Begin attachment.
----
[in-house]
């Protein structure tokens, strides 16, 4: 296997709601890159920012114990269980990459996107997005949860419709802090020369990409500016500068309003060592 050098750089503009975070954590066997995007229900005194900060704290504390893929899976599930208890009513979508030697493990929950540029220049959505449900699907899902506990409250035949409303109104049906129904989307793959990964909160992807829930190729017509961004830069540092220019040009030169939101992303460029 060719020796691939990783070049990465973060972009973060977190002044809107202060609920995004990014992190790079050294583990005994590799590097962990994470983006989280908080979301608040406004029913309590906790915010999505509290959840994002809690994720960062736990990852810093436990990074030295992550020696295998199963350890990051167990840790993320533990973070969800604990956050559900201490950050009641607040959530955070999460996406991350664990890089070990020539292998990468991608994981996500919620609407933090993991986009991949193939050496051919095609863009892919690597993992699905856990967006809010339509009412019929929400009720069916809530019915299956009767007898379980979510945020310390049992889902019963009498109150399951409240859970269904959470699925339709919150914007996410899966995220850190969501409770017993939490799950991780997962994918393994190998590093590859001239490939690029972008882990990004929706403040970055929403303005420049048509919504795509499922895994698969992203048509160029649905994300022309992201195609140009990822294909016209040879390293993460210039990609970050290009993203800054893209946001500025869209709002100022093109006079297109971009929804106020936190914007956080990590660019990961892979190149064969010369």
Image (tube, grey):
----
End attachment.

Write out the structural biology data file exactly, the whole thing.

[in-house]
């Protein structure tokens, strides 16, 4: 296997709601890159920012114990269980990459996107997005949860419709802090020369990409500016500068309003060592 050098750089503009975070954590066997995007229900005194900060704290504390893929899976599930208890009513979508030697493990929950540029220049959505449900699907899902506990409250035949409303109104049906129904989307793959990964909160992807829930190729017509961004830069540092220019040009030169939101992303460029 060719020796691939990783070049990465973060972009973060977190002044809107202060609920995004990014992190790079050294583990005994590799590097962990994470983006989280908080979301608040406004029913309590906790915010999505509290959840994002809690994720960062736990990852810093436990990074030295992550020696295998199963350890990051167990840790993320533990973070969800604990956050559900201490950050009641607040959530955070999460996406991350664990890089070990020539292998990468991608994981996500919620609407933090993991986009991949193939050496051919095609863009892919690597993992699905856990967006809010339509009412019929929400009720069916809530019915299956009767007898379980979510945020310390049992889902019963009498109150399951409240859970269904959470699925339709919150914007996410899966995220850190969501409770017993939490799950991780997962994918393994190998590093590859001239490939690029972008882990990004929706403040970055929403303005420049048509919504795509499922895994698969992203048509160029649905994300022309992201195609140009990822294909016209040879390293993460210039990609970050290009993203800054893209946001500025869209709002100022093109006079297109971009929804106020936190914007956080990590660019990961892979190149064969010369």
Image (tube, grey):